Objective: To assess the therapeutic affect of light on various diseases and disorders.
The importance of light for health and vitality was perhaps more obvious in ancient times than it is today. People living close to nature have an immediate appreciation of the sun, perhaps even worship it religiously, in a way that is lost when one is insulated from nature by many layers of technology. Even a hundred years ago, the medical value of sunlight was still well appreciated. Wounds were known to heal more quickly and with less scarring when sunlight was used as a disinfectant. Tuberculosis clinics flourished in the high mountains of Switzerland. Rickets responded to sunlight. However, sitting around in the sunlight takes time and seems boring in today’s busy world, so the discovery of antibiotics in the middle of this century pushed aside most of these slow but natural cures. When light enters the eyes and strikes the retina, the resultant nerve signals pass not only to the visual cortex of the brain, so we can see objects, but also, over separate nerve pathways, to other brain structures including the hypothalamus, the pineal and pituitary systems, and the limbic system, causing hormonal and emotional effects.
Light therapy techniques range from the most simple and traditional to the most high-tech and sophisticated forms of light-assisted psychotherapy. These therapies may be categorized by the form of light used:
All these forms of light are applied to the eyes or experienced with the eyes. There are yet other forms of light therapy that involve shining light on other parts of the body, for example, direct light treatment of skin conditions or cancer tumors.
Taking a pill is sometimes cheaper and more convenient than staying at a sanitarium. The modern rediscovery of light therapy occurred in a more psychological context. Season Affective Disorder (SAD), also known as winter depression, was identified as a light deficiency problem, which could be corrected with exposure to bright light, especially on awakening in the morning. Of all the forms of light therapy, bright light treatment for SAD is by far the most thoroughly researched and the most accepted by mainstream medicine. “Light boxes”, sources of bright artificial light can be used for SAD sufferers to sit by during breakfast. There is even a battery-operated light “visor”, worn on the head, to shine light directly into the eyes while allowing the wearer to move about. The ultimate high-tech natural treatment is a light “alarm clock”, a dawn simulator, which turns on a gradually brightening light source, starting an hour or two before rising time and reaching its maximum when the (indoor) sun rises! Once the day is started, there is still the problem of inadequate and artificial indoor lighting in the workplace. Conventional fluorescent lamps emit light, which is deficient in many of the colors and wavelengths of natural sunlight. Replacing these lamps with full-spectrum fluorescent’s, more closely imitating sunlight can improve the performance.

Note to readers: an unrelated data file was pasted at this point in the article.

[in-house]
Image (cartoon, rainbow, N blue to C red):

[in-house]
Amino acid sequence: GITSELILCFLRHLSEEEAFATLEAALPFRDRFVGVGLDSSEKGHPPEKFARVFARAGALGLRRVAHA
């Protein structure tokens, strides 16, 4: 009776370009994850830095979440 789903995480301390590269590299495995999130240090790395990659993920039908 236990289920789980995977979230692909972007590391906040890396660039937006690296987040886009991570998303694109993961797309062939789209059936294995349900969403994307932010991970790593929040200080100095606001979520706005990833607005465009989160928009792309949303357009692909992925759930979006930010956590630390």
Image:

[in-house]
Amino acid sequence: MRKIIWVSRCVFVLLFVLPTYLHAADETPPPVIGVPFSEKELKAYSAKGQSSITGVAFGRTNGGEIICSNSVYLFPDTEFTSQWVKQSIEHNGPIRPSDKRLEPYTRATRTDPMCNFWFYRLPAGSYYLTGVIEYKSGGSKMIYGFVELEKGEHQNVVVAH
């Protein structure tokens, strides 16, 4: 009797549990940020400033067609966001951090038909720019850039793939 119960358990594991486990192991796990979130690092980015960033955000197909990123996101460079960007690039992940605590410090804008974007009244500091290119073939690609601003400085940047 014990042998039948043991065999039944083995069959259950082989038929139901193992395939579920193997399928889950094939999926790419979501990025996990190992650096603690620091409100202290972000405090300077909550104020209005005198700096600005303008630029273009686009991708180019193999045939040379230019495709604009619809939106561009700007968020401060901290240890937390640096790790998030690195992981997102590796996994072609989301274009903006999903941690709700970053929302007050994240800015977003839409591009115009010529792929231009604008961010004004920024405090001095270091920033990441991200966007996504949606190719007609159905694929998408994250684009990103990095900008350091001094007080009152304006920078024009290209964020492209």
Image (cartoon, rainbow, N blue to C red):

If bright light can have such an effect on the brain, mind, and body, it is to be expected that pulsed light would have even more effect. Pulsed light certainly grabs one’s attention; neurologically speaking, neurons tend to report only changing stimuli, quickly tiring of anything steady. So pulsed light might be considered more aggressive form of light therapy, for more severe conditions. This is known as phonic stimulation. Pulsed light is shone into the eyes either from a mask or goggles worn by the patient or by having the patient sit in front of a larger pulsed light source one or two feet away. Typically, the treatment is applied for 15 or 20 minutes per day.